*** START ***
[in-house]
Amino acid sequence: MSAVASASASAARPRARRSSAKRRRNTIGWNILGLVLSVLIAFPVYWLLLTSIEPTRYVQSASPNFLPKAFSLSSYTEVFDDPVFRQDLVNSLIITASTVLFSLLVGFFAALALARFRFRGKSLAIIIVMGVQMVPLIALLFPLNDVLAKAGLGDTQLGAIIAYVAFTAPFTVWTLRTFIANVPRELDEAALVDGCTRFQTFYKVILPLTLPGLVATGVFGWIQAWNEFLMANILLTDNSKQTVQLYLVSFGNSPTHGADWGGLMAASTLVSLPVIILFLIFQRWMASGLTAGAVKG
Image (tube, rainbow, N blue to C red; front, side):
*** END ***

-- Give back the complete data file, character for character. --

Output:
[in-house]
Amino acid sequence: MSAVASASASAARPRARRSSAKRRRNTIGWNILGLVLSVLIAFPVYWLLLTSIEPTRYVQSASPNFLPKAFSLSSYTEVFDDPVFRQDLVNSLIITASTVLFSLLVGFFAALALARFRFRGKSLAIIIVMGVQMVPLIALLFPLNDVLAKAGLGDTQLGAIIAYVAFTAPFTVWTLRTFIANVPRELDEAALVDGCTRFQTFYKVILPLTLPGLVATGVFGWIQAWNEFLMANILLTDNSKQTVQLYLVSFGNSPTHGADWGGLMAASTLVSLPVIILFLIFQRWMASGLTAGAVKG
Image (tube, rainbow, N blue to C red; front, side):